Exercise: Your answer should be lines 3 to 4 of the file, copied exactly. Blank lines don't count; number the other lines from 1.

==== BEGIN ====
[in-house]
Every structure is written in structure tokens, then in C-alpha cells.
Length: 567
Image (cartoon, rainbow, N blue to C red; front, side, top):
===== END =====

Length: 567
Image (cartoon, rainbow, N blue to C red; front, side, top):